Remington is dead. Long live Remington. The company that couldn’t has finally been unleashed from the painful grip of Freedom Group. Remington is a legendary company that’s been alive and kicking for 204 years, and somehow Freedom Group found a way to mismanage a company into bankruptcy. As you all know, Remington and the firearms companies in their universe have been sold off. I’m not here to report on that; I’m here to say why it happened and why it’s not that bad.
Why It Happened
This is the pop-psychology version of what happened. I’m not equipped to dive through bankruptcy proceedings and tell you about the dimes and pennies attached to the bankruptcy. What I can tell you is the reason Remington failed in a time where gun sales have been pretty solid. Admittedly the four years after Trump saw some declining sales, but the eight years leading up to 2016 were a time of great fortune.
Where did Remington fail? How did Freedom Group kill not only Remington but DPMS and Marlin too? Well, simply put, Freedom Group failed at its core product, producing guns. When you say Remington, I think three things, the 870, then 700, and Pierce Brosnan as Remington Steele. Remington began to fail at producing the 870 and 700, and Remington Steele has yet to get a Blu Ray release.
The Failure of Remington
Remington 870 shotguns and 700 Rifles began showing up with terrible quality control. The guns would rust if you looked at them too hard. That was only the beginning. As a shotgun nerd, I paid attention to the 870s as their actions became grittier and sloppier. The Remington 700 line of rifles got hit with a massive lawsuit regarding their unsafe trigger design. Gun stores got sick of shipping guns back and surely tired of customer complaints. My local gun store stopped carrying Remington products completely.
Marlin was the victim of corporate penny pinching and quickly saw similar faults in their line of firearms. You can find plenty of Marlin rifles with split stocks and misaligned sights. DPMS and Bushmaster began racing to the bottom of the AR tiers by trying to produce the cheapest AR possible. They quickly ruined their reputation with AR guys and gals. Heck, my own Remington 9mm 1911 came with a 45 ACP extractor that needed to be shipped back and repaired for reliable function. They produced guns like the RP9 that no one cared about, the disastrous R51 release, and let’s not forget the 870 DM series.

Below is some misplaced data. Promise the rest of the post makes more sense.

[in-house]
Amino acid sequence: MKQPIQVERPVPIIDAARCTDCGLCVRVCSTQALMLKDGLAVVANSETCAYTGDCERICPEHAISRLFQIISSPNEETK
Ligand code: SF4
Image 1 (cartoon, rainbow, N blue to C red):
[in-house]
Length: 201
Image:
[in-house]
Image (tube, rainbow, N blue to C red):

They failed to focus on making their core products good enough to support their experiments. When you have a product people love and trust, and then you ruin that legacy product, why would anyone want your new products?
The Remington Split
Remington and its facility were sold to an investment group called Roundhill Group. Not much is known about the Roundhill group, but it’s tough to go lower than Freedom Group. I, and most of the industry, are cautiously waiting to see what Roundhill will do. The rest of the Remington group has been divided and split across the industry. There is some good news, some potentially bad news, and then parts of it that I don’t care about. Let’s dive into the split we have an idea about.
The Good News
The best news is that Marlin was bought by Ruger. Ruger makes great long guns, unimaginative, but well made and reliable. The No. 1 series is pretty freaking sweet, and say what you will about the Mini 14, but the gun works. Ruger is a great company to take over Marlin and hopefully restore some greatness to the name.
Franklin Armory has purchased Bushmaster, and that’s also some good news. Franklin Armory is an outside the box manufacturer who loves to do odd and interesting things. They also develop and produce good products in the normal AR 15 world. Maybe Bushmaster will become Franklin Armory’s budget line, or maybe they’ll revive the brand.
Sierra Bullets bought Barnes, and that’s good to see. Barnes was good ammo, and Sierra Bullets makes good ammo, so it will likely be a good match.
An equity firm known as JJE Capital Holdings purchased a lot of the smaller Remington Group brands to include H&R, DPMS, AAC, Stormlake, and Parker. JJE Capital Holdings already owns PSA and Lead Star Arms, so the gun industry is nothing new to them. The chance we’ll see finely-tuned double shotguns with Parker on the receiver is low, but not impossible. AAC had a history of making good stuff, but we’ll see what they do under new leadership, and the same goes for H&R. Maybe DPMS can make a comeback as well.
The Potential Bad News
This is speculation, and it’s not bad news yet, but Vista purchased Remington ammunition. Vista is a massive company that owns lots of ammo companies to include Speer, Federal, CCI, Estate, Blazer, and American Eagle. They produce a lot of ammunition, and the purchase of Remington means there is less competition on the block.
I like my guns and gear companies to have some healthy competition because it breeds innovation and lower prices. That being said, Vista makes good ammo already, so I doubt they’ll ruin the Remington brand of ammo.
News I Don’t Care About
Sportsman’s Warehouse purchased Tapco. That’s neat, but not something on my radar. It’d be cool if Tapco could be made into a Magpul like company that produces quality products at low prices, but I wouldn’t get my hopes up.
The destruction of Freedom Group and the dissolution of the Remington brand were inevitable. The good news is that it’s all mostly good news. I’m hoping we can see a revival of Remington, and of Bushmaster, and AAC, and of course Marlin and all the other brands. These are American companies that represent American jobs. Roundhill Group I have one request, make Wingmasters great again.